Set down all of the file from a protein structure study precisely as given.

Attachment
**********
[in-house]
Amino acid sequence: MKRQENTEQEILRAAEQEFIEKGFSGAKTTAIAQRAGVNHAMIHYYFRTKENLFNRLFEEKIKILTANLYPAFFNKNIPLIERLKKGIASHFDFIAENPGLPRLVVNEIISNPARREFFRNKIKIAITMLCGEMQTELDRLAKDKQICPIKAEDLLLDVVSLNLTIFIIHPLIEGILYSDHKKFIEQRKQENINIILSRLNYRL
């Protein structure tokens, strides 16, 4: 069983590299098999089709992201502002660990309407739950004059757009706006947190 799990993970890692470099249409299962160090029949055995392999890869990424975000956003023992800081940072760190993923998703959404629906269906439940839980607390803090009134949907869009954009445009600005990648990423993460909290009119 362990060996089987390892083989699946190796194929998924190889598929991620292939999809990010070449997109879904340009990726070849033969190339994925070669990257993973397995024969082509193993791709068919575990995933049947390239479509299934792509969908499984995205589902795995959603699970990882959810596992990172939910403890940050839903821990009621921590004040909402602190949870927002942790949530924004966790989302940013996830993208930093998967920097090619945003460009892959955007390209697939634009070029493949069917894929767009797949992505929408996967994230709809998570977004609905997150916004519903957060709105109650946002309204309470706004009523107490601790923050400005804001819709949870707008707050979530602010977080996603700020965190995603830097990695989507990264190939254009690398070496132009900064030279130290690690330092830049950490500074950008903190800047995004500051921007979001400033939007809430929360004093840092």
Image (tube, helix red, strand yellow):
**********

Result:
[in-house]
Amino acid sequence: MKRQENTEQEILRAAEQEFIEKGFSGAKTTAIAQRAGVNHAMIHYYFRTKENLFNRLFEEKIKILTANLYPAFFNKNIPLIERLKKGIASHFDFIAENPGLPRLVVNEIISNPARREFFRNKIKIAITMLCGEMQTELDRLAKDKQICPIKAEDLLLDVVSLNLTIFIIHPLIEGILYSDHKKFIEQRKQENINIILSRLNYRL
């Protein structure tokens, strides 16, 4: 069983590299098999089709992201502002660990309407739950004059757009706006947190 799990993970890692470099249409299962160090029949055995392999890869990424975000956003023992800081940072760190993923998703959404629906269906439940839980607390803090009134949907869009954009445009600005990648990423993460909290009119 362990060996089987390892083989699946190796194929998924190889598929991620292939999809990010070449997109879904340009990726070849033969190339994925070669990257993973397995024969082509193993791709068919575990995933049947390239479509299934792509969908499984995205589902795995959603699970990882959810596992990172939910403890940050839903821990009621921590004040909402602190949870927002942790949530924004966790989302940013996830993208930093998967920097090619945003460009892959955007390209697939634009070029493949069917894929767009797949992505929408996967994230709809998570977004609905997150916004519903957060709105109650946002309204309470706004009523107490601790923050400005804001819709949870707008707050979530602010977080996603700020965190995603830097990695989507990264190939254009690398070496132009900064030279130290690690330092830049950490500074950008903190800047995004500051921007979001400033939007809430929360004093840092």
Image (tube, helix red, strand yellow):